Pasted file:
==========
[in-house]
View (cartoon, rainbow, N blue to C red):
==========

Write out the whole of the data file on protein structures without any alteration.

[in-house]
View (cartoon, rainbow, N blue to C red):